Once the password is in the database, it's fairly safe, as it's more difficult to hack your database than to hack your website itself, so, YES, md5 is FINE. You CAN use something else, but you'd be going into pointless over kill. You should not be as concerned with how hard the passwords are to reverse if they are intercepted or hacked from your DB: you should be ensuring that they DO NOT GET intercepted or hacked from your DB.

    You still have a problem understanding why that's the "proper" way to do things? Go talk to the guys that make the forum that you're using right now (vBulletin), or any other LARGE SCALE product/software/website.

    You want pro security advice? Ask the pros, not some dude that reads a lot of sh*t but has NO industry experience.

    Here's another tip:
    No matter WHAT method you use to "protect" passwords, it's going to be USELESS if you don't take measures to ensure that it's MEANINGLESS if someone intercepts it. If you're not using SSL, then anyone can listen to your website's traffic, and intercept the usernames and passwords being sent to it. It's easier than your think. We don't use SSL, because we use a 2-stage login, which ensures that the same end result is achieved: if the password is intercepted, it is out of context and meaningless (because we RENDER it that way as a part of our process).

    Never substitute amateur advice for industry experience.
    Last edited by ionisis; 06-13-2011 at 08:06 PM.

  19. #19
    @admins:
    DELETE my above reply

    Quote Originally Posted by sea otter View Post
    And lastly, DO NOT use md5(), as suggested by ionisis. It's easily cracked, and there are already lots of rainbow tables out there as well, meaning all you have to do is look up the hash, not even try and crack it. At the very least, if you *must* encrypt via a hash, use either the hash() or mhash() functions with a strong algorithm and a dual salt.
    You're completely wrong. You're going to tell him that IM insecure, but then in the same reply you're going to tell him to (a) use ANOTHER hash function and (b) PULL the password OUT of the database to check it? SERIOUSLY???

    @alcaeus
    You can listen to whatever you want. We do this sh*t for a living, and we HACK sites for kicks. Not to mention that we've got our own encryption algorithm (it will be available as a SaaS service).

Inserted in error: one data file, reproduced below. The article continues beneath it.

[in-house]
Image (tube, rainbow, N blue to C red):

Listen kid, DON'T EVER pull a password out of a database. Once it's in there, is in there FOREVER, you will NEVER SEE IT AGAIN. You do a ONE WAY ENCRYPTION on it using a function that is available in the SCRIPTING language AND the database (md5, or perhaps sha1), store it in the database, and check it against the user's password as a part of the QUERY, and if the query doesn't make a match, the password is WRONG or the user name doesn't exist. The password stored in the database should NEVER be reversible, in case your database gets hacked. That's why you use a ONE WAY HASH..

    You still have a problem understanding why that's the "proper" way to do things? Go talk to the guys that make the forum that you're using right now (vBulletin), or any other LARGE SCALE product/software/website.


    Here's another tip:
    No matter WHAT method you use to "protect" passwords, it's going to be USELESS if you don't take measures to ensure that it's MEANINGLESS if someone intercepts it. If you're not using SSL, then anyone can listen to your website's traffic, and intercept the usernames and passwords being sent to it. It's easier than your think.

    We don't use SSL, because we use a 2-stage login, which ensures that the same end result is achieved: if the password is intercepted, it is out of context and meaningless (because we RENDER it useless in the 1st stage of our process). You can edit the hash, in predetermined way, to make sure that it doesn't match up against a rainbow table, by including some predetermined, and pseudorandom, value in with the password hash, like, the user's browser. No rainbow table will ever match that hash, and it didn't take your processor 20000000 cycles to execute it, and it's a ONE WAY hash, so it can't be reversed.

    Once the password is in the database, it's fairly safe, as it's more difficult to hack your database than to hack your website itself, or to listen to your traffic; so, YES, md5 is FINE. You CAN use something else, but you'd be going into pointless over kill. You should not be as concerned with how hard the passwords are to reverse if they are intercepted or hacked from your DB: you should be ensuring that they DO NOT GET intercepted or hacked from your DB. And if you're throwing another element into the hash, they will NOT be reversible anyway.
    Last edited by ionisis; 06-13-2011 at 08:21 PM.

  20. #20
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    WhooH,

    Nothing to get upset about about, I'm just trying to learn a few things here.

    Thanks
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  21. #21
    Well, it's probable to fix this issue. I'm not a programmer myself and I prefer to use ready to use scripts like web forms, contact forms and other scripts which use database.

  22. #22
    I am using php coding in my website but it gives some function error at the server. why?

  23. #23
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    What error does it give?

    Thanks Johnny, I had tried a number of ready scripts and none worked. I'll take a look at the link you gave.